Though the UK has a reputation for a stiff upper lip and not liking to protest over poor service, new research into consumer’s social media habits by Gocompare.com has found that it pays to complain.
The survey found that more than one in 10 (14%) of people have used social media platforms to complain about a company, while nearly one in five (19%) saying they had talked positively about an organisation online.
The majority (73%) of those who had raised a complaint on social media found some form of success due to raising their issue online. Of those who had complained about a company, half (51%) felt that kicking up a fuss online resulted in their issue being resolved especially quickly.
More than a fifth (22%) of customers who have complained about a company in this way said they received a free gift or discount as a form of recompense. In comparison only 16% of people who had talked positively about a company received anything.
The total value of gifts/discounts that UK customers received from companies as a result of talking about them on social media was £46 million, an average of £29.60 per person.*
Claire Peate, customer insights manager at Gocompare.com, said: “Most of us have been in the position where the service we’ve received has failed to live up to our expectations. However, many of us often shy away from complaining or ‘kicking up a fuss’ and avoid confrontation.
“Ultimately, if a company has done something wrong, they will usually want to put it right. The public nature of social media makes it a useful way for customers to interact with organisations and allows them to air any grievances in a quick and easy manner.
“Our research shows that complaining on social media usually gets results, with almost three quarters (71%) of people receiving some form of resolution to their issue. In some cases, people have even received freebies to make up for the inconvenience.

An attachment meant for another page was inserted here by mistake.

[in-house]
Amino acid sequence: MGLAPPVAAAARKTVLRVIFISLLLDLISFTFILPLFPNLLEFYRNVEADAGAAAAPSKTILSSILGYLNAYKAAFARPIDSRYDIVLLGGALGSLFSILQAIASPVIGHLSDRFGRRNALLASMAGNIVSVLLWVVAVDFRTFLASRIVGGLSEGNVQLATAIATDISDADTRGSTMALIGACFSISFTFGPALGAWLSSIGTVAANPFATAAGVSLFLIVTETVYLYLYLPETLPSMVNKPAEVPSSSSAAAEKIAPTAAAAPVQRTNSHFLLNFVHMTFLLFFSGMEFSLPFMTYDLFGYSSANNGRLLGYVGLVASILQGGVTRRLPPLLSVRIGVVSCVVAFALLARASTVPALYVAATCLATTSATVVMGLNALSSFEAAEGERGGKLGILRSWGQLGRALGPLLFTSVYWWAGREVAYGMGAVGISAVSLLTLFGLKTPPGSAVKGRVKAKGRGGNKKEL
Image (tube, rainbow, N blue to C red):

“Regardless what method you use, if you are unhappy with any goods or service you have received, it’s important to voice your complaint with the company and escalate it if necessary. Customers are the most important aspect of any business and feedback, both positive and negative, is what shapes how an organisation operates, so if you’ve been left disappointed or angry make sure to let the relevant people know and don’t just take it lying down.”
Notes to editors:
On 17 February 2014, Vision Critical conducted an online survey among 2,019 randomly selected British adults who are Springboard UK panellists. The margin of error-which measures sampling variability-is +/- 2.2%. The results have been statistically weighted according to the most current education, age, gender and regional data to ensure samples representative of the entire adult population of United Kingdom. Discrepancies in or between totals are due to rounding.
*£46,000,000 figure based on 14% of UK adults having complained about a company on social media. Of those who complained, 22% said they had received a gift/discount as a result. The average value of the total amount of free gifts/discounts given to customers who had either complained or praised a company was £29.60. There are 50,180,000 UK adults (aged 18 and over), 14% of this is 7,025,200. 22% of this 1,5455,44 x £29.60 = £45,748,102 rounded up to £46 million. Any discrepancy is due to rounding.